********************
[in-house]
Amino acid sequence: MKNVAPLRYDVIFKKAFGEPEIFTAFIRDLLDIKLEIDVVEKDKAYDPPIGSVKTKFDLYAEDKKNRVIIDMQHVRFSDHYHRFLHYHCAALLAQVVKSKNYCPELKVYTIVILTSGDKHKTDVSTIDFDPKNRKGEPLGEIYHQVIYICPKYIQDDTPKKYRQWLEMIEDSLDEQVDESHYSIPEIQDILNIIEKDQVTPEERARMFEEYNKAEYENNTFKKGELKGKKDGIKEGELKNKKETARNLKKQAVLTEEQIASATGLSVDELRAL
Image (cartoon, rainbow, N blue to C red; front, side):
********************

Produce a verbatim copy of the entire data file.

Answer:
[in-house]
Amino acid sequence: MKNVAPLRYDVIFKKAFGEPEIFTAFIRDLLDIKLEIDVVEKDKAYDPPIGSVKTKFDLYAEDKKNRVIIDMQHVRFSDHYHRFLHYHCAALLAQVVKSKNYCPELKVYTIVILTSGDKHKTDVSTIDFDPKNRKGEPLGEIYHQVIYICPKYIQDDTPKKYRQWLEMIEDSLDEQVDESHYSIPEIQDILNIIEKDQVTPEERARMFEEYNKAEYENNTFKKGELKGKKDGIKEGELKNKKETARNLKKQAVLTEEQIASATGLSVDELRAL
Image (cartoon, rainbow, N blue to C red; front, side):